By Budd Bailey, Buffalo Sports Page Columnist

There was a good amount of drama on the ice, and plenty of it off of it at KeyBank Center on Saturday night.

The Sabres took care of business in their game, blanking the Anaheim Ducks, 3-0, before a sellout crowd. However, most of the people in the building were unaware about what else was going on – while those watching on television were very aware of at least part of the story,

Rick Jeanneret, the team’s legendary broadcaster, was unable to continue his work during the third period of Saturday’s game. He received attention from medical personnel, which escorted him on a gurney from the building. There was no immediate word from the Sabres on Jeanneret’s condition. The lack of information – perfectly understandable under the circumstances – left most connected with the team in one way or another concerned and on edge for the rest of the night.

However, the Sabres released a statement on Sunday morning that said Jeanneret was “resting and doing well” after a night in Buffalo General Hospital. The team said the announcer was expected to be back at work after the Christmas break.

Jeanneret had been very visible earlier in the broadcast, as he dressed as Santa Claus for the part of the game. The announcer was introduced on the public-address system as he threw treats to the fans below the press box.

Brian Duff, the intermission host of the team’s television broadcasts, finished up for the 76-year-old broadcaster, who probably has meant as much to the franchise as almost any employee in team history.

Many shots, few goals

In the meantime, the Sabres and Ducks played a relatively rare type of game. Both teams had tons of shots and some good chances, but nothing much ever seemed to enter the net. That wasn’t particularly good news for a Buffalo team that had been offensive challenged in recent games.

But they did enough to win.

“I was glad to get the win going into the (holiday) break,” coach Phil Housley said. “The guys should enjoy it.”

For a team that had played the night before in Washington, the Sabres had quite a bit of jump right from the opening faceoff (taken by Johan Larsson, as a reward for his good play of late). Buffalo moved the puck well for the next 40 minutes.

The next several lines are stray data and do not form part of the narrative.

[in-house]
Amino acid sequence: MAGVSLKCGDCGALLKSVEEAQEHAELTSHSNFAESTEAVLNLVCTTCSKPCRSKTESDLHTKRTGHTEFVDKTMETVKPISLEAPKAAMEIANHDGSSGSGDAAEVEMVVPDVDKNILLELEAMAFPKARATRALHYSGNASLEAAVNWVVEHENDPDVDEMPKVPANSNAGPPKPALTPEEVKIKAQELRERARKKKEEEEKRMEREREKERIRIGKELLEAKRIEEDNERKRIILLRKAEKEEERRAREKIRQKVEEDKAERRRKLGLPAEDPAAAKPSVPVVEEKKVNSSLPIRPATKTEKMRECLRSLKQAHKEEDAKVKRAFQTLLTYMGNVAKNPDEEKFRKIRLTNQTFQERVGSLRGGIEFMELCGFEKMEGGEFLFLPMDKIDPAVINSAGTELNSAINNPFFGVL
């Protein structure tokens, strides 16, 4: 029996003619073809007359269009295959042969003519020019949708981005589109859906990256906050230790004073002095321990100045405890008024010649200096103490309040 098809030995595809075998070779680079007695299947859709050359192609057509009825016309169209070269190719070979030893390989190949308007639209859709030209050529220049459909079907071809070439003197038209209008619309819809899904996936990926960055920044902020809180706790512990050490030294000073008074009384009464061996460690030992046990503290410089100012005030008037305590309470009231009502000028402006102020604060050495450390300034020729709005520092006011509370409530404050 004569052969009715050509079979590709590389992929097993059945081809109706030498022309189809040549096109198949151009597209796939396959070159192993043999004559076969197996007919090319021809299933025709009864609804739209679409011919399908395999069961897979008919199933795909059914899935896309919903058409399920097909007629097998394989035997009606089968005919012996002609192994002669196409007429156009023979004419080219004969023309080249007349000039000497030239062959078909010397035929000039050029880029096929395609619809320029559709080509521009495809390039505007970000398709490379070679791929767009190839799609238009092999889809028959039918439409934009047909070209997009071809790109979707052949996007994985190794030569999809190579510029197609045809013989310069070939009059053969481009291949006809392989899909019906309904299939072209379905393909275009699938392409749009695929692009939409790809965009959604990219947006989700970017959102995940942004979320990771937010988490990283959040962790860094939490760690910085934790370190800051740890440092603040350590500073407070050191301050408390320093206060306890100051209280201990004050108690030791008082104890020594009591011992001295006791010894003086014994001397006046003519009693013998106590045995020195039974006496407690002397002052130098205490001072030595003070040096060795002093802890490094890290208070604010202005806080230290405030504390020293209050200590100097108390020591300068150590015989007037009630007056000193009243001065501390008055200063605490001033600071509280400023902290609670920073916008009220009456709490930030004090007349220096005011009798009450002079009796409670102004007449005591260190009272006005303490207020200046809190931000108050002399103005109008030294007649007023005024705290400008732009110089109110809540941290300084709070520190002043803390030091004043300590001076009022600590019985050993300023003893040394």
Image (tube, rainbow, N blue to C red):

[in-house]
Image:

“I liked our first two periods,” Housley said. “We found ways to gain the zone.”

Rasmus Dahlin was the only player to score in that span, though. His slapshot from the right circle beat John Gibson. But that was it – the Sabres were 1 for 30 in shots while the Ducks were 0 for 25 against Linus Ullmark. Gibson in particular turned in a superb performance.

Then the third period came around, and the Ducks had their big opportunity. Anaheim had two power plays in the opening six minutes, and Buffalo kept the visitors off the scoreboard.

“We gave them those opportunities, but we played really well and it kept us ahead,” Conor Sheary said.

It’s Skinner time

From there it was a matter of closing the sale from a Sabre standpoint, and Jeff Skinner – who else? – was up to the task. He got free on the right side, skated toward the net, and made the type of backhanded shot that was a classic goal scorer’s goal.

“I was honestly looking to go five hole for a second, but I went to the backhand,” said Skinner about goal No. 26. “It found its way into the net.”

“He’s a slippery guy,” Housley said about Skinner. “He finds a way to hang in there.”

The final goal went to Sheary, proving there is some justice in hockey every so often as he notched the empty-netter. Sheary had been in a scoring slump, but worked particularly hard during the last couple of games and certainly earned the reward.

“I don’t know how much it counts,” he said. “It looks the same on the scoresheet, I guess. I’ve been getting a lot of chances. I just wasn’t able to score.”

As the Sabres head into the Christmas break, they sit in third place in the Atlantic Division – a playoff spot. That’s a pretty good position for a team that finished 31st and last overall in the spring. The task after the holiday will be to stay there.

“We play in a good division,” said Ullmark, fresh from a 40-save shutout. “We’ve got to stay on top of it. Every game is important.”

(Follow Budd on Twitter @WDX2BB, And have a Merry Christmas.)

Budd Bailey

Budd Bailey has been involved in almost every aspect of the local sports scene for the last 40 years. He worked for WEBR Radio, the Buffalo Sabres' public relations department and The Buffalo News during that time. In that time he covered virtually every aspect of the area's sports world, from high schools to the Bills and Sabres and everything in between. Along the way, Budd served as a play-by-play announcer for the Bisons, an analyst for the Stallions, and a talk-show host. He won the National Lacrosse League's Tom Borrelli Award as the media personality of the year in 2011, and was a finalist for that same award in 2017. Budd's seventh and eighth books, one on the Transcontinental Railroad and the other about Ichiro Suzuki, are scheduled to be released in the fall.

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